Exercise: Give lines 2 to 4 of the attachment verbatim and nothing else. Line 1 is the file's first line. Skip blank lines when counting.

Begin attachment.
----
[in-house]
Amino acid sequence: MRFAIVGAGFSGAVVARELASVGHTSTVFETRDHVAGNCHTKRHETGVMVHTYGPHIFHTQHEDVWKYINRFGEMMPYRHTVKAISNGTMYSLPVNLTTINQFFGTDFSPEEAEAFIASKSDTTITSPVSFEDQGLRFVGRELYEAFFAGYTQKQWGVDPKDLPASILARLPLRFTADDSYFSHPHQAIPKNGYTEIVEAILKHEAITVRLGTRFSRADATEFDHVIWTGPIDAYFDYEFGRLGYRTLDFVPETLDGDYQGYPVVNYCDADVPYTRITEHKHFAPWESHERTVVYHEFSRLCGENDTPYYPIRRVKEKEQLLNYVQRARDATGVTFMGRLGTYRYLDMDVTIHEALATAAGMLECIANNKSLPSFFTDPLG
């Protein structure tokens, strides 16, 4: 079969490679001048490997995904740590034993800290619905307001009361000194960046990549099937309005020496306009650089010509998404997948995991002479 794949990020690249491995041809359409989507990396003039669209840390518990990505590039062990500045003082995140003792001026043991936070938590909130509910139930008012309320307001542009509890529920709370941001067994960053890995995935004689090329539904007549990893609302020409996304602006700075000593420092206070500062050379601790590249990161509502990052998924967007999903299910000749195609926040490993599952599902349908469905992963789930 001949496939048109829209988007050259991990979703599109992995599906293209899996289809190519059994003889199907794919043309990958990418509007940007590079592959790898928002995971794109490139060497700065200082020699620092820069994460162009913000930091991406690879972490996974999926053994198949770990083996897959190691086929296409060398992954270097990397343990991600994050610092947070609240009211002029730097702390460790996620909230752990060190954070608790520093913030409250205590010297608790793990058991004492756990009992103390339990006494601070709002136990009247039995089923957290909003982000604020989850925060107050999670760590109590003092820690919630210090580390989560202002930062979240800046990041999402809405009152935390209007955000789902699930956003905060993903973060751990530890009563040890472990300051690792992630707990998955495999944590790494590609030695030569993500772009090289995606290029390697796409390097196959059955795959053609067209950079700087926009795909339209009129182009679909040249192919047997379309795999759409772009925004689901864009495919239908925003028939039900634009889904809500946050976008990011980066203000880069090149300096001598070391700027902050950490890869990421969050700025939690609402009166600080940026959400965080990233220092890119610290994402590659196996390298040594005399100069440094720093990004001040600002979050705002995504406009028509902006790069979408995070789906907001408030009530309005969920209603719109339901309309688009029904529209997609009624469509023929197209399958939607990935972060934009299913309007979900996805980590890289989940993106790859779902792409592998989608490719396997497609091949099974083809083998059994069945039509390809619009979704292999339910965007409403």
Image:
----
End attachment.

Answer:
Amino acid sequence: MRFAIVGAGFSGAVVARELASVGHTSTVFETRDHVAGNCHTKRHETGVMVHTYGPHIFHTQHEDVWKYINRFGEMMPYRHTVKAISNGTMYSLPVNLTTINQFFGTDFSPEEAEAFIASKSDTTITSPVSFEDQGLRFVGRELYEAFFAGYTQKQWGVDPKDLPASILARLPLRFTADDSYFSHPHQAIPKNGYTEIVEAILKHEAITVRLGTRFSRADATEFDHVIWTGPIDAYFDYEFGRLGYRTLDFVPETLDGDYQGYPVVNYCDADVPYTRITEHKHFAPWESHERTVVYHEFSRLCGENDTPYYPIRRVKEKEQLLNYVQRARDATGVTFMGRLGTYRYLDMDVTIHEALATAAGMLECIANNKSLPSFFTDPLG
């Protein structure tokens, strides 16, 4: 079969490679001048490997995904740590034993800290619905307001009361000194960046990549099937309005020496306009650089010509998404997948995991002479 794949990020690249491995041809359409989507990396003039669209840390518990990505590039062990500045003082995140003792001026043991936070938590909130509910139930008012309320307001542009509890529920709370941001067994960053890995995935004689090329539904007549990893609302020409996304602006700075000593420092206070500062050379601790590249990161509502990052998924967007999903299910000749195609926040490993599952599902349908469905992963789930 001949496939048109829209988007050259991990979703599109992995599906293209899996289809190519059994003889199907794919043309990958990418509007940007590079592959790898928002995971794109490139060497700065200082020699620092820069994460162009913000930091991406690879972490996974999926053994198949770990083996897959190691086929296409060398992954270097990397343990991600994050610092947070609240009211002029730097702390460790996620909230752990060190954070608790520093913030409250205590010297608790793990058991004492756990009992103390339990006494601070709002136990009247039995089923957290909003982000604020989850925060107050999670760590109590003092820690919630210090580390989560202002930062979240800046990041999402809405009152935390209007955000789902699930956003905060993903973060751990530890009563040890472990300051690792992630707990998955495999944590790494590609030695030569993500772009090289995606290029390697796409390097196959059955795959053609067209950079700087926009795909339209009129182009679909040249192919047997379309795999759409772009925004689901864009495919239908925003028939039900634009889904809500946050976008990011980066203000880069090149300096001598070391700027902050950490890869990421969050700025939690609402009166600080940026959400965080990233220092890119610290994402590659196996390298040594005399100069440094720093990004001040600002979050705002995504406009028509902006790069979408995070789906907001408030009530309005969920209603719109339901309309688009029904529209997609009624469509023929197209399958939607990935972060934009299913309007979900996805980590890289989940993106790859779902792409592998989608490719396997497609091949099974083809083998059994069945039509390809619009979704292999339910965007409403």
Image: